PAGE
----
Review of Noorman Wicaksono’s Zoe
Zoe (2018). 12:31. Directed by Noorman Wicaksono. Director of Photography by Eurica Yu. Featuring Emma Woerle, Marti Keegan, Matt Nichols, and Ava Khlopina.
A small, handcrafted metal cylinder with slits around it rests on a wooden pedestal, surrounded by tools on a wooden table. Two hands reach for it, bringing it up to a blurry face. As the focus shifts from the metal zoetrope to the person, we see our curious protagonist. There is no questioning the clever parallelism of the name “Zoe” in this 2018 short film, directed by Noorman Wicaksono. The character Zoe is entranced by her discovery of an old zoetrope and is, in fact, haunted by the happiness it reminds her of.
The film takes a brilliant risk as it handles one of the first technologies in moving images. A zoetrope is a type of moving picture, where the film is set in a drum-like cylinder. When it spins, the zoetrope creates the illusion of movement with the pictures. In Zoe, the images in the zoetrope are projected around the room. The zoetrope plays a big role in the feel of the film. It is a centerpiece for the short, a tangible that can be returned to. It symbolizes both the cycle of life yet feeling stuck in one place, and the hope for movement in a seemingly stagnant lifestyle. Not to mention the personal connection the character Zoe has with this Zoetrope.
Right from the beginning, Zoe brings its audience into a place of both wonderment and familiarity; the aesthetic of a Super 8 film mixed with hazy sepia-toned colors brings a cold mood to this almost dialogue-free film. We start with a close-up of a door, its window slightly cracked. It is a peaceful image, but not quite welcoming until the door is opened by a teenage girl. We learn her name is Zoe when a female voice calls her to dinner. The colors and images of Zoe take its audience to a memory-like state as if we as the audience remember Zoe’s memories as she does: quick, fleeting, melancholy, only to be brought back to the daily repetition of the unfortunate present. The ambient sound emphasizes this feeling. If sound can be lonely, it was captured in this film with the melodic chirping of birds outside.
The story of a drunk, emotionally absent father while the mother struggles to make ends meet, all observed by their child, is exquisitely told through the Director of Photography, Eurica Yu’s, style. Although the trope is somber, this story also includes in-between moments of sincerity and serenity. Life depicted in Zoe shows the hardships of a family struggling to bond but also the reflective moments of smiles shared over distant memories. Wicaksono and Yu take us on a journey of a child who wants her parents to be in love and to love her by creating an atmosphere which welcomes Zoe’s audience into this family’s daily life. These seemingly small day-to-day moments make up the entire film, symbolized by the memories curated by an old Zoetrope.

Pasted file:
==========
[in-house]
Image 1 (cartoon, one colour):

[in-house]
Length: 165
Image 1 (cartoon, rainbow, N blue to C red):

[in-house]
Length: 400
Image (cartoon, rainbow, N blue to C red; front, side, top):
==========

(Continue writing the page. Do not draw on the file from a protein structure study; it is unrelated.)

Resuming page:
Stylistically, this film is timeless. Shot in 2018 but depicted as an old picture, it gives the feeling that this story was told, is told, and will continue to be told as Zoe’s life unfolds. We are invited to dwell inside a consciousness of wanting so badly for life as a teenager to not be what it is. The cinematography is remarkable with perspective shifts represented with camera angles, close-ups to individuals’ faces giving the sense of isolation within the family, and long shots to show further isolation within a great span of space. The audience gets to feel Zoe’s loneliness by the literal space separating her and her schoolmates in a shot of her walking in her high school’s bleachers. A group of girls sits together on one end while Zoe enters, alone, from the other. When she looks at them, they get up and join more friends, leaving Zoe to watch them walk away. She wants to be a part of any family at all but does not receive that at home or at school, a feeling expertly communicated through the camerawork.
As for the name “Zoe,” the character Zoe stumbles upon a Zoetrope with a message on the underside. The phrase, which is also the first words of the film, is “for my girls, what is broken can be fixed.” It seems to echo in the back of the mind through the entirety of the film. The anticipation for this broken home to reunite seems like a fleeting hope. Each time her parents fight, Zoe returns to her newfound device. She watches the images circle around her, flashing the slightest animations which continue to speed up, interweaving with imagined flashbacks of when her parents were happy, then back to the projected images. Finally, overwhelmed, Zoe is brought back to her state of yearning for a flicker of happiness just as the Zoetrope illuminates its flicker of dancing patterns all around her.
At a little over 12 minutes, this film captures the hardships of a struggling family and the hope that a broken family may be fixed. The zoetrope spins in the time of remembrance and in the time of collective loneliness; what happens when Zoe’s family tries to keep spinning? Watch Zoe so you can find out for yourself.
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